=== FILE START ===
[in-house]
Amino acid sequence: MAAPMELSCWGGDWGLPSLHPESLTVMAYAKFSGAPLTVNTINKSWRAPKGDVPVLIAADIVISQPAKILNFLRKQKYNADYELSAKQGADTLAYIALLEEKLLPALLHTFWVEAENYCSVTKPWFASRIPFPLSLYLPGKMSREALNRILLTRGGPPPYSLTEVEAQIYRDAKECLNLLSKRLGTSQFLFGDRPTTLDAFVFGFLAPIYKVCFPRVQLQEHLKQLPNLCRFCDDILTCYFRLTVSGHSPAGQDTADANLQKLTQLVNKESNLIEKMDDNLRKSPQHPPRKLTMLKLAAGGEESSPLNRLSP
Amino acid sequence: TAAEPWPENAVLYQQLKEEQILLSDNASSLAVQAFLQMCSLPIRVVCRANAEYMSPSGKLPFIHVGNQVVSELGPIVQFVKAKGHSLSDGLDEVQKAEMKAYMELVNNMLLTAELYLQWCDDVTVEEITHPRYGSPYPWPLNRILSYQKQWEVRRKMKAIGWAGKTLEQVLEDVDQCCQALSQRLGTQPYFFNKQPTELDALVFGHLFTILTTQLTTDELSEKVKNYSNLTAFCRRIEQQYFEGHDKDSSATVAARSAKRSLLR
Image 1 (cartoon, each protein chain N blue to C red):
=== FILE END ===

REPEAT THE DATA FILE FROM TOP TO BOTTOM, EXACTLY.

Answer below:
[in-house]
Amino acid sequence: MAAPMELSCWGGDWGLPSLHPESLTVMAYAKFSGAPLTVNTINKSWRAPKGDVPVLIAADIVISQPAKILNFLRKQKYNADYELSAKQGADTLAYIALLEEKLLPALLHTFWVEAENYCSVTKPWFASRIPFPLSLYLPGKMSREALNRILLTRGGPPPYSLTEVEAQIYRDAKECLNLLSKRLGTSQFLFGDRPTTLDAFVFGFLAPIYKVCFPRVQLQEHLKQLPNLCRFCDDILTCYFRLTVSGHSPAGQDTADANLQKLTQLVNKESNLIEKMDDNLRKSPQHPPRKLTMLKLAAGGEESSPLNRLSP
Amino acid sequence: TAAEPWPENAVLYQQLKEEQILLSDNASSLAVQAFLQMCSLPIRVVCRANAEYMSPSGKLPFIHVGNQVVSELGPIVQFVKAKGHSLSDGLDEVQKAEMKAYMELVNNMLLTAELYLQWCDDVTVEEITHPRYGSPYPWPLNRILSYQKQWEVRRKMKAIGWAGKTLEQVLEDVDQCCQALSQRLGTQPYFFNKQPTELDALVFGHLFTILTTQLTTDELSEKVKNYSNLTAFCRRIEQQYFEGHDKDSSATVAARSAKRSLLR
Image 1 (cartoon, each protein chain N blue to C red):